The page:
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Squeak, squeak, have a drink, kid, and swarming blobs Add to ...

Squeak, squeak

"Of the 20,000 genes in the human genome," Nicholas Wade writes for The New York Times, "few are more fascinating than FOXP2, a gene that underlies the faculty of human speech. All animals have a FOXP2 gene, but the human version's product differs at just two of its 740 units from that of chimpanzees, suggesting that this tiny evolutionary fix may hold the key to why people can speak and chimps cannot. … [This year]biologists in Leipzig, Germany, genetically engineered a mouse with the human version of FOXP2 substituted for its own. The upgraded mice squeaked somewhat differently from plain mice and were born with subtle alterations in brain structure. But mice and people are rather distant cousins … and the human version of FOXP2 evidently was not able to exert a transformative effect on the mouse."

Evenin' all

Guidelines issued by police and fire services in Britain discourage the use of certain words by staff, The Sunday Telegraph reports. "One force urging caution over the use of 'evening' is Warwickshire Police. … It states: 'Don't assume those words for the time of day, such as afternoon or evening, have the same meaning.' A spokesman added: 'Terms such as 'afternoon' and 'evening' are somewhat subjective in meaning and can vary according to a person's culture or nationality. In many cultures, the term evening is linked to the time of day when people have their main meal of the day. In some countries, including the U.K., the evening meal time is traditionally thought of as being around 5 p.m. to 7 p.m. but this might be different, say, for a family from America who might have their main meal earlier, and thus for them 'evening' may be an earlier time.'" A number of organizations tell staff to avoid the words "child, youth or youngster," saying these could have "connotations of inexperience, impetuosity and unreliability or even dishonesty." Police and firefighters are instructed to say "young people."

Have a drink, kid

"With so much high-stakes testing in school these days, any little edge can be important," Kevin Lewis writes in The Boston Globe. "An experiment by psychologists in Britain offers one simple lesson: Have a drink. They tested a group of six- to seven-year-olds on various cognitive tasks, and then, 40 minutes later, asked half the group to leave the room while the remaining kids were offered a drink of water. After another 45 minutes, both groups were retested. The kids who were offered a drink performed significantly better on tests of visual attention and search. It's not exactly clear how a drink of water causes this effect for healthy kids, but it does raise the question of whether kids (and maybe adults) are optimally hydrated during the day."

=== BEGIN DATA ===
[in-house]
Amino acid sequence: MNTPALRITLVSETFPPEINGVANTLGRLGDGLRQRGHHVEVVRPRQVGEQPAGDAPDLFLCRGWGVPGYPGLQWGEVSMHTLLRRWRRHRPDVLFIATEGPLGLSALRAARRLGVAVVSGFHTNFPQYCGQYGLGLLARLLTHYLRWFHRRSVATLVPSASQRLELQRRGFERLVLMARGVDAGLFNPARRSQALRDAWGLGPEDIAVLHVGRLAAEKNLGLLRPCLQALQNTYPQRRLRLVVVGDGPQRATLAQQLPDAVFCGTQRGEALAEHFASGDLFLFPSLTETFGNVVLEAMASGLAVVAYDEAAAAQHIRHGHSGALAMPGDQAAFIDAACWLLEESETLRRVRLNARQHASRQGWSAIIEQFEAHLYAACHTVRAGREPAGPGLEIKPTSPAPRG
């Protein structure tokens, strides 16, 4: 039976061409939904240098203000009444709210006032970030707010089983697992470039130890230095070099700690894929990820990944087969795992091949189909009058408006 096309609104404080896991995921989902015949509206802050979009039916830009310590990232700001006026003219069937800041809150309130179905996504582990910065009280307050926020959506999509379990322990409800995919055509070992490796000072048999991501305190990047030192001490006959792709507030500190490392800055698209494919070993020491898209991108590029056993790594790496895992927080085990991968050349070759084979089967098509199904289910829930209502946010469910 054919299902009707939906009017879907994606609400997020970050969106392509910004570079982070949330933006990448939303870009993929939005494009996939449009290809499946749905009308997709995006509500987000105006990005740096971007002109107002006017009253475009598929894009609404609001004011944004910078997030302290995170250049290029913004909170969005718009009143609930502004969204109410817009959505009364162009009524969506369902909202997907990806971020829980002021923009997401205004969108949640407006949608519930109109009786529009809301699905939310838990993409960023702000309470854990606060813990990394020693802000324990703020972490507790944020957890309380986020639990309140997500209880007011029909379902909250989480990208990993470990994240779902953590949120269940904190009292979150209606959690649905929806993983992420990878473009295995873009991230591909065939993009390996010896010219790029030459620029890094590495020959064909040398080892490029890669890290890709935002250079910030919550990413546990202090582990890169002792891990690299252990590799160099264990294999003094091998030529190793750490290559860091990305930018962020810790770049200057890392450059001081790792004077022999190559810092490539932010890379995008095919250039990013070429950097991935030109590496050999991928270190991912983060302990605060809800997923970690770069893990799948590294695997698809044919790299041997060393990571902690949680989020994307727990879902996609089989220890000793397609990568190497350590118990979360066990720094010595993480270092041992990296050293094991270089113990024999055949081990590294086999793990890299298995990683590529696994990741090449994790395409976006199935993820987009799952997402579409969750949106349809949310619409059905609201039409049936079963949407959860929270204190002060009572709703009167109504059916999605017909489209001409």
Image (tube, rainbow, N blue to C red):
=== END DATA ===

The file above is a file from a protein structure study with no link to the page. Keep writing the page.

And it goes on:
You need a drink?

In a Redbook article on "surprising things that are making you tired," Stacey Colino writes: "'A lot of people are walking around in a mild state of dehydration,' says Susan Kleiner, a registered dietitian in Mercer Island, Wash. 'When you feel thirsty, you've already lost 2 to 3 per cent of your body fluid.' Even this mild dehydration can make you feel tired or lethargic: Your blood volume lowers, which means you don't get as much blood to your brain and your heart has to pump harder. Think about when you're going to drink just like you'd plan your meals. … Increase your water intake by eating more soup, fresh fruits and vegetables."

So don't inhale

"More than £1-million [$1.76-million]worth of counterfeit cigarettes filled with rabbit droppings instead of tobacco has been confiscated by customs officials in Spain," Ananova.com reports. The fake cigarettes -to be sold on the black market as famous brands - were discovered as holidaying Britons lit up. "They not only smell bad but the toxic chemicals they give off are pure poison," a customs official said.

Slurp

A coral has been recorded eating a jellyfish for the first time in photographs taken by two Israeli scientists, BBC News reports. Coral usually feed on tiny plankton as well as products provided by photosynthetic algae. Yet the photos reveal a stationary mushroom coral sucking in a large moon jellyfish. It is still a mystery how the coral manages to catch its prey.

Swarming blobs

"A blood-orange blob the size of a small refrigerator emerged from the dark waters, its venomous tentacles trapped in a fishing net," Michael Casey writes for Associated Press. "Within minutes, hundreds more were being hauled up, a pulsating mass crowding out the catch of mackerel and sea bass. The [Japanese]fishermen leaned into the nets, grunting and grumbling as they tossed the translucent jellyfish back into the bay, giants weighing up to 200 kilograms, marine invaders that are putting the men's livelihoods at risk. The venom of the Nomura, the world's largest jellyfish, a creature up to two metres in diameter, can ruin a whole day's catch by tainting or killing fish stung when ensnared with them in the maze of nets." Scientists believe that warming oceans have allowed jellyfish species to expand their ranges, appear earlier in the year and increase overall numbers.

Thought du jour

"You can fool too many of the people too much of the time."

- James Thurber

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